« Reply #20 on: October 28, 2018, 02:21:37 pm »
Balanced audio is the way to go. Decent quality internal and external USB sound devices aren't expensive, but the difference between a balance and unbalanced signal is phenomenal.

There is also something about the satisfying click of an XLR cable and connector.

There shouldn't be a audible difference between balanced and unbalanced for short cable runs (i.e. 99% of all consumer applications).

Yes, the click of a proper xlr connection can be satisfying.
 

Offline Jan Audio

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Re: Why Nobody Buys Sound Cards Anymore
« Reply #21 on: October 28, 2018, 03:56:40 pm »
For professional audio gear there are cards with more ins & outs.
Now a days there are table mixers that are a soundcard, multichannel audio via USB into your "analog" mixer.

Throw away all your old soundcards with each new windows ?
Its getting more standard now so maybe you wont have to throw away so much no more.
 

Offline Lord of nothing

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Re: Why Nobody Buys Sound Cards Anymore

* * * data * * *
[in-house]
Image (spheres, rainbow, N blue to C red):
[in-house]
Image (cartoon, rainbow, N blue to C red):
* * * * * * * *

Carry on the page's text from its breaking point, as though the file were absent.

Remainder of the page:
« Reply #22 on: October 28, 2018, 04:08:52 pm »
Why not use W7?  :palm:
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Offline Jr460

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Re: Why Nobody Buys Sound Cards Anymore
« Reply #23 on: October 28, 2018, 04:09:11 pm »
Not only more ins and outs, but low latency, or very controlled latency.   Having an ASIO computable driver is a must if you want to do recording.  Making sure your PC doesn't have some other poor driver that doesn't play well and holds interrupts for too long, is also important.
 

Offline blueskull

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Re: Why Nobody Buys Sound Cards Anymore
« Reply #24 on: October 28, 2018, 04:12:11 pm »
PCIe still exist in the form of thunderbolt for high resolution, high samplerate, high channel count interfaces

Yes, but mostly for Apple devices before Apple's adoption of USB3.0.